Scott Pilgrim vs. the World is a game for a very specific audience. If you fall outside of its demographic, it isn’t very appealing.
Of course, its demographic is people who like games. So you’ll like it quite a lot.
Scott Pilgrim is a side-scrolling brawler that borrows heavily from 8-bit classic River City Ransom. You play as the main characters in the graphic novel series: protagonist Scott Pilgrim, love interest Ramona Flowers, band frontman Stephen Stills and drummer Kim Pine. Each character has a variation on the same moves, so while it provides a bit of variety, all of them are similar enough that there won’t be arguments about who is who. You beat up a bunch of enemies inexplicably violent towards you on the way to a boss, who is also inexplicably violent towards you. But this is Scott Pilgrim, where it’s accepted as normal that someone would have to kill a girl’s exes to date her (and no one bats an eye when they’re all extremely talented fighters with special abilities). Of course, it’s all based on video game logic, so even those who haven’t read the books would get the humor.
Not that you shouldn’t read them before playing. Scott Pilgrim vs. the World is stuffed full of references only fans would get, from amusing scenes animated in the background to weaknesses of bosses to…well, everything really.
The game tries to push the right buttons for its audience, and with the fervor of a new Tekken player. The love letter to early-1990s games includes a world map reminiscent of Super Mario World, secret codes pulled directly from Street Fighter and Sonic 3, a menu aesthetic that evokes EarthBound and chiptunes from Anamanaguchi. There are ninjas, zombies, robots and clones. Ubisoft may have tried a little too hard here, but that’s amusing in its own right.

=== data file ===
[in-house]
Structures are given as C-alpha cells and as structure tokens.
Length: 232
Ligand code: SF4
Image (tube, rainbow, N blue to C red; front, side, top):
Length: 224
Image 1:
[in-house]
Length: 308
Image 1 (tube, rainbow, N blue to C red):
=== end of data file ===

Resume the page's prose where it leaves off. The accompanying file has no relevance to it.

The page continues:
Since the game stays true to the graphic novels and only has seven bosses, it’s not very long. Some attempts were made to add replay value. Each character has its own ending, and reaching certain milestones unlocks a few more playable heroes. The game’s RPG system means you can play again and shape a character’s stats differently. There are three difficulty levels that range from reasonable to ridiculous, and even with a powered-up character the higher levels are a challenge. Online multiplayer is not supported (though four can play locally), but leaderboards are there to stimulate the competitive among us.
Ultimately, though it’s tied to the movie release, Scott Pilgrim vs. the World isn’t really a movie game. It stays closer to the books’ plot and doesn’t include any likenesses or voices from the film. Yes, it’s more enjoyable if you’ve read the series. But that doesn’t mean I won’t recommend that you buy it. That just means I recommend that you read the books and then buy it.